As I speak at events on behalf of persecuted Christians and as I read blog posts and articles, I sometimes come across this kind of hagiography, where the speaker/writer asserts something like, “Persecuted Christians don’t go to small group meeting. They go to small group beating. And they’re glad they get to go. And they give thanks for it and can’t wait to go back the next week and get beaten again.”

And it’s not always the organizations that spin these kinds of yarns. Sometimes they’re accurately reporting the testimonies they’ve received from underground believers. It’s just that some underground believers-having now shared their stories for magazines and live audiences-realize what draws the biggest response. And they, um, tailor their stories accordingly.

As a person who has worked for years now with believers in what is almost universally acknowledged as the most persecuting nation on earth-North Korea-I can assure you that no one likes to get beaten. No one flies away from a beating with blood pouring from the bullet holes in their superhero tights as they call out, “I am more than a conqueror in Christ Jesus!”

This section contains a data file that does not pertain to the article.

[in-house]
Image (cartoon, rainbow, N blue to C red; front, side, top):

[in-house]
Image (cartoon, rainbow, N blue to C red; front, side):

We supporters of the persecuted church contribute to the problem too. We vote with our dollars and our tears and our applause for the stories we like best. And the stories that we like best, unfortunately, are the superhero stories. Believe me, persecuted believers see this and struggle with the same temptations the rest of us do when we recount our own stories before large audience who we want to like us.